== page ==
Suijin (The God of Water and Rain) (水神)

Suijin (or Mizugami) is the generic term for the gods relating to water (mainly fresh water).

Suijin in Japan
Water is of crucial importance in agriculture, and the availability and quality of water can spell life or death to farmers in terms of the volume of harvest. As a result, suijin naturally came to be associated with tanokami (rice-field gods). Most suijin are found enshrined on the dikes of irrigation canals, or alongside paddy fields. In some cases, suijin may be found enshrined as mikumari no kami (water distributing god) at the sources of agricultural waterways, in which cases they may also be associated with yamanokami (god of the mountain). In addition to their connection with the water used in agriculture, suijin are also found enshrined at sources of water used in everyday life, such as household wells and water-drawing spots.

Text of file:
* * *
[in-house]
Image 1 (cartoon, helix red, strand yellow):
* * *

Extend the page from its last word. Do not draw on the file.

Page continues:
Kappa (water imp), snakes, and dragons are among those symbolizing suijin. They are considered to be divine servants or even to be the embodiment of a deity.

The following deities were described as gods related to water in Japanese Mythology:

Mizuhanohime
Takaokami no Kami
Amenomikumari, Kuninomikumari: The deities of the allocation of running water or the watershed. Amenokuhizamochi, Kuninokuhizamochi: The deities of the gourd or irrigation. Yamata no Orochi (big snake with eight heads): It was originally the suijin of Hikawa River.